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Changing Patterns of International Investment in and by the United States

In: The United States in the World Economy

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  • Robert E. Lipsey
  • Mario Schimberni
  • Robert V. Lindsay

Abstract

The international investment account of the United States has gone through several cycles. Before World War I, the U.S. was a borrower most of the time and an international debtor. Between the two World Wars, it was first a lender and then a refuge for foreign capital. After World War 11, the U.S. became the world's major lender and creditor and in the last few years it has become the world's largest borrower, and, according to the official accounts, even a net debtor. U.S. direct investment abroad began while the U.S. was still an overall borrower and debtor. The technological leaders among U.S. manufacturing firms pioneered in this technique for exploiting their particular knowledge and skills by producing in other countries. The peak in the importance of foreign assets relative to the domestic assets of U.S. companies was probably reached during the early 1970s. While the flow of direct investment from the U.S. has slowed, there has recently been a large inflow of foreign direct investment into the U.S.. That inflow has roughly tripled the share of foreign-owned companies in the U.S. since 1950. While foreign-owned firms accounted for only about 3% per cent of total U.S. employment after all the recent growth in foreign direct investment in the U.S., the shares in manufacturing and wholesale trade were considerably higher. Foreign firms accounted for almost 40 per cent of chemical industry employment, but for less than 10 per cent in all the other industries. The foreign shares in service industries, aside from wholesale trade, increased, but remained below 3 per cent.

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This chapter was published in:

  • Martin Feldstein, 1988. "The United States in the World Economy," NBER Books, National Bureau of Economic Research, Inc, number feld88-1.
    This item is provided by National Bureau of Economic Research, Inc in its series NBER Chapters with number 6219.

    Handle: RePEc:nbr:nberch:6219

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    References

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    1. Robert E. Lipsey & Irving B. Kravis, 1985. "The Competitive Position of U.S. Manufacturing Firms," NBER Working Papers 1557, National Bureau of Economic Research, Inc.
    2. Baldwin, Robert E, 1979. "Determinants of Trade and Foreign Investment: Further Evidence," The Review of Economics and Statistics, MIT Press, vol. 61(1), pages 40-48, February.
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    Cited by:
    1. Campbell DC & Mcelrath RG, 1990. "The Employment effects of multinational enterprises in the United States and of American multinationals abroad," ILO Working Papers 289571, International Labour Organization.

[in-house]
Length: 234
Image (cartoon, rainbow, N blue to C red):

2. Irving B. Kravis & Robert E. Lipsey, 1992. "Technological Characteristics of Industries and the Competitiveness of the U.S. and its Multinational Firms," NBER Working Papers 2933, National Bureau of Economic Research, Inc.
    3. Joosung Jun, 1989. "What is the Marginal Source of Funds for Foreign Investment?," NBER Working Papers 3064, National Bureau of Economic Research, Inc.
    4. Jose Campa & Linda S. Goldberg, 1993. "Investment in Manufacturing, Exchange-Rates and External Exposure," NBER Working Papers 4378, National Bureau of Economic Research, Inc.
    5. Robert E. Lipsey, 1989. "The Internationalization of Production," NBER Working Papers 2923, National Bureau of Economic Research, Inc.
    6. Michael Devereux & Charles Engel, 2000. "The Optimal Choice of Exchange-Rate Regime: Price-Setting Rules and Internationalized Production," Working Papers 0022, University of Washington, Department of Economics.
    7. Eichengreen, Barry, 1987. "Till Debt Do Us Part: The US Capital Market and Foreign Lending, 1920-1955," CEPR Discussion Papers 212, C.E.P.R. Discussion Papers.
    8. Joosung Jun, 1990. "U.S. Tax Policy and Direct Investment Abroad," NBER Chapters, in: Taxation in the Global Economy, pages 55-78 National Bureau of Economic Research, Inc.
    9. Robert E. Lipsey, 1995. "Outward Direct Investment and the U.S. Economy," NBER Chapters, in: The Effects of Taxation on Multinational Corporations, pages 7-42 National Bureau of Economic Research, Inc.
    10. Joosung Jun, 1989. "U.S. Tax Policy and Direct Investment Abroad," NBER Working Papers 3049, National Bureau of Economic Research, Inc.
    11. James R. Markusen & Keith E. Maskus, 1999. "Multinational Firms: Reconciling Theory and Evidence," NBER Working Papers 7163, National Bureau of Economic Research, Inc.
    12. Linda S. Goldberg, 1990. "Nominal Exchange Rate Patterns: Correlationswith Entry, Exit, and Invesment in U.S. Industry," NBER Working Papers 3249, National Bureau of Economic Research, Inc.

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